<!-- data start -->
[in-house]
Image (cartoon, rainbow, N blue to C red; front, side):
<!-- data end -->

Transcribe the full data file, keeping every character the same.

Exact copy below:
[in-house]
Image (cartoon, rainbow, N blue to C red; front, side):